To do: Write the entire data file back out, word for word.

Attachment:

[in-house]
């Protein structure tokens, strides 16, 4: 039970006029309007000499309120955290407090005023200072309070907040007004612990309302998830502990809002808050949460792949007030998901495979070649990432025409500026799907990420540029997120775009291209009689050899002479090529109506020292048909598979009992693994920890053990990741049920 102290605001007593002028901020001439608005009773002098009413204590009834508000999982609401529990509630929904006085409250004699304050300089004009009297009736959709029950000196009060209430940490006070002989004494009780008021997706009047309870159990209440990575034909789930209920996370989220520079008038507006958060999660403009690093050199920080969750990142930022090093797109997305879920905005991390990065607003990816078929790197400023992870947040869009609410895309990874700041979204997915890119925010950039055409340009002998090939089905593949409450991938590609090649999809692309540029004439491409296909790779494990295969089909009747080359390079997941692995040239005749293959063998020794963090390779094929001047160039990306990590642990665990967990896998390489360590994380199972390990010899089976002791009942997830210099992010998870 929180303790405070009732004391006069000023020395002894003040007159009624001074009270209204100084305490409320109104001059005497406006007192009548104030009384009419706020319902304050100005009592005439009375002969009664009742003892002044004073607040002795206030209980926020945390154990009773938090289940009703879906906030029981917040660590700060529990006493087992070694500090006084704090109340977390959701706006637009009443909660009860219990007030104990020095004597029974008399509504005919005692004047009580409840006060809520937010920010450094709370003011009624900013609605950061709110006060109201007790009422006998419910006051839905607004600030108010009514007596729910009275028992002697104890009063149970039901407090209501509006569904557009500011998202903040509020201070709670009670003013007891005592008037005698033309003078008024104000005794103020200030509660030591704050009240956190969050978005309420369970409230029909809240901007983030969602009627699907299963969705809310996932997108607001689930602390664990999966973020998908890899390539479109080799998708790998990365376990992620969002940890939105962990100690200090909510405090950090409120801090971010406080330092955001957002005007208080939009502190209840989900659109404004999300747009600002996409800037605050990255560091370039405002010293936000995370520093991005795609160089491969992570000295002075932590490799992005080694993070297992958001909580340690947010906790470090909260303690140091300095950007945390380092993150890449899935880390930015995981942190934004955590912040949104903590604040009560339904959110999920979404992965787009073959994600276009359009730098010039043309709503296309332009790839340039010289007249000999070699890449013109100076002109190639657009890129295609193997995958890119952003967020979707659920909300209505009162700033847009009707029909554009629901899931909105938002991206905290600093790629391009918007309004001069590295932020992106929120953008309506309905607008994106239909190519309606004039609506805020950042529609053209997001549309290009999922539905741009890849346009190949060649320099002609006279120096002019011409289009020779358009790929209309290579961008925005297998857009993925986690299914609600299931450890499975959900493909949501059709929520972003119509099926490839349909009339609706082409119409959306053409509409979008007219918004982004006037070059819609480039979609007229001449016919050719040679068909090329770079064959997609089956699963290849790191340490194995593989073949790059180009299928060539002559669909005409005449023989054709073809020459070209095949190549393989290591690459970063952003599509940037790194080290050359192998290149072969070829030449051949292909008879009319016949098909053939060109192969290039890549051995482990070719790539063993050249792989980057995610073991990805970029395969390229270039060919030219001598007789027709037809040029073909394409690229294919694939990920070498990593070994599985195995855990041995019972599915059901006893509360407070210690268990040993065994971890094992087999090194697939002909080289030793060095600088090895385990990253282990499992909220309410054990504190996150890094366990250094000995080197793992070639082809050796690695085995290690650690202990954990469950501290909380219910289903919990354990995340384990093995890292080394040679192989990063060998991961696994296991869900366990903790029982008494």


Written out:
[in-house]
């Protein structure tokens, strides 16, 4: 039970006029309007000499309120955290407090005023200072309070907040007004612990309302998830502990809002808050949460792949007030998901495979070649990432025409500026799907990420540029997120775009291209009689050899002479090529109506020292048909598979009992693994920890053990990741049920 102290605001007593002028901020001439608005009773002098009413204590009834508000999982609401529990509630929904006085409250004699304050300089004009009297009736959709029950000196009060209430940490006070002989004494009780008021997706009047309870159990209440990575034909789930209920996370989220520079008038507006958060999660403009690093050199920080969750990142930022090093797109997305879920905005991390990065607003990816078929790197400023992870947040869009609410895309990874700041979204997915890119925010950039055409340009002998090939089905593949409450991938590609090649999809692309540029004439491409296909790779494990295969089909009747080359390079997941692995040239005749293959063998020794963090390779094929001047160039990306990590642990665990967990896998390489360590994380199972390990010899089976002791009942997830210099992010998870 929180303790405070009732004391006069000023020395002894003040007159009624001074009270209204100084305490409320109104001059005497406006007192009548104030009384009419706020319902304050100005009592005439009375002969009664009742003892002044004073607040002795206030209980926020945390154990009773938090289940009703879906906030029981917040660590700060529990006493087992070694500090006084704090109340977390959701706006637009009443909660009860219990007030104990020095004597029974008399509504005919005692004047009580409840006060809520937010920010450094709370003011009624900013609605950061709110006060109201007790009422006998419910006051839905607004600030108010009514007596729910009275028992002697104890009063149970039901407090209501509006569904557009500011998202903040509020201070709670009670003013007891005592008037005698033309003078008024104000005794103020200030509660030591704050009240956190969050978005309420369970409230029909809240901007983030969602009627699907299963969705809310996932997108607001689930602390664990999966973020998908890899390539479109080799998708790998990365376990992620969002940890939105962990100690200090909510405090950090409120801090971010406080330092955001957002005007208080939009502190209840989900659109404004999300747009600002996409800037605050990255560091370039405002010293936000995370520093991005795609160089491969992570000295002075932590490799992005080694993070297992958001909580340690947010906790470090909260303690140091300095950007945390380092993150890449899935880390930015995981942190934004955590912040949104903590604040009560339904959110999920979404992965787009073959994600276009359009730098010039043309709503296309332009790839340039010289007249000999070699890449013109100076002109190639657009890129295609193997995958890119952003967020979707659920909300209505009162700033847009009707029909554009629901899931909105938002991206905290600093790629391009918007309004001069590295932020992106929120953008309506309905607008994106239909190519309606004039609506805020950042529609053209997001549309290009999922539905741009890849346009190949060649320099002609006279120096002019011409289009020779358009790929209309290579961008925005297998857009993925986690299914609600299931450890499975959900493909949501059709929520972003119509099926490839349909009339609706082409119409959306053409509409979008007219918004982004006037070059819609480039979609007229001449016919050719040679068909090329770079064959997609089956699963290849790191340490194995593989073949790059180009299928060539002559669909005409005449023989054709073809020459070209095949190549393989290591690459970063952003599509940037790194080290050359192998290149072969070829030449051949292909008879009319016949098909053939060109192969290039890549051995482990070719790539063993050249792989980057995610073991990805970029395969390229270039060919030219001598007789027709037809040029073909394409690229294919694939990920070498990593070994599985195995855990041995019972599915059901006893509360407070210690268990040993065994971890094992087999090194697939002909080289030793060095600088090895385990990253282990499992909220309410054990504190996150890094366990250094000995080197793992070639082809050796690695085995290690650690202990954990469950501290909380219910289903919990354990995340384990093995890292080394040679192989990063060998991961696994296991869900366990903790029982008494």